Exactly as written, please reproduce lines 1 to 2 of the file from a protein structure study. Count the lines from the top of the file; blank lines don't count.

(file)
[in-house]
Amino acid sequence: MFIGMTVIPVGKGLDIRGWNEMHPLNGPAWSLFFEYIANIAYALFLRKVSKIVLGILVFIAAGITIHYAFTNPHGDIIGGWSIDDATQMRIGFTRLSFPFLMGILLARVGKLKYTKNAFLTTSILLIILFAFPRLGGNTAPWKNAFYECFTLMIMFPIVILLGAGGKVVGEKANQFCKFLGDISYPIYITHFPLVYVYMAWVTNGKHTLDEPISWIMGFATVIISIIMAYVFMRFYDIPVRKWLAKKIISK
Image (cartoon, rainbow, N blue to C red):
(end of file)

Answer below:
[in-house]
Amino acid sequence: MFIGMTVIPVGKGLDIRGWNEMHPLNGPAWSLFFEYIANIAYALFLRKVSKIVLGILVFIAAGITIHYAFTNPHGDIIGGWSIDDATQMRIGFTRLSFPFLMGILLARVGKLKYTKNAFLTTSILLIILFAFPRLGGNTAPWKNAFYECFTLMIMFPIVILLGAGGKVVGEKANQFCKFLGDISYPIYITHFPLVYVYMAWVTNGKHTLDEPISWIMGFATVIISIIMAYVFMRFYDIPVRKWLAKKIISK